In Palmer v. Allen, et. al., Case No. 14-12247 (E.D. Mich., Sept. 28, 2016), Plaintiff sued the police department for the city of Ecorse, Michigan, as well as police officers Allen and Trevino, after an incident during a traffic stop. Plaintiff was the passenger in a vehicle that was pulled over for driving without headlights, and the police asked the driver to step out of the vehicle. Plaintiff began recording the event on his cell phone.
The driver was arrested, and Plaintiff began to walk home; however, he was detained for failure to wear a seatbelt. Plaintiff alleged that Defendant Allen verbally and physically abused him; after his arrest, he was placed in a cell, where he alleges he was also verbally and physically abused by Defendant Trevino. He sued Defendants over the incident.
During discovery, Plaintiff filed a Motion for Sanctions against Defendant City of Ecorse, alleging that Defendants spoliated evidence by destroying the video evidence from the jail. The court noted that Plaintiff filed the case after the most recent amendments to the Federal Rules went into effect, and as such, the amended FRCP 37 would apply to a request for spoliation sanctions. However, the court pointed out that sanctions under FRCP 37 are only applicable to parties to the action.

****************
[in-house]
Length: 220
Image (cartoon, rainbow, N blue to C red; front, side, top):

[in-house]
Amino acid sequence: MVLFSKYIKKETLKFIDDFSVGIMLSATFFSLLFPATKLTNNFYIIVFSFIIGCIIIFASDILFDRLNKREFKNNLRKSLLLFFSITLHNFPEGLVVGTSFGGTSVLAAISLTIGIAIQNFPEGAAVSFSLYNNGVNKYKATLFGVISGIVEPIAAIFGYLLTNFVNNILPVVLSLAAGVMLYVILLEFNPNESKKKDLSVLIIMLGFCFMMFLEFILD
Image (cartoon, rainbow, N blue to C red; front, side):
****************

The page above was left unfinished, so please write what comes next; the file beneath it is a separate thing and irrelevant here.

The City of Ecorse had been dismissed from the case prior to the filing of the spoliation motion, and there was no evidence that the remaining defendants had destroyed the videos, so the court denied Plaintiff’s Motion. However, the court also determined that the allegedly destroyed videos had been recently recovered, two years after Plaintiff requested them. Plaintiff’s expert found thousands of video files on a hard drive, and Defendants then claimed their own expert looked through those videos and found the missing video in question. The court cautioned the parties about diligence in complying with proper discovery requests to avoid wasting court resources.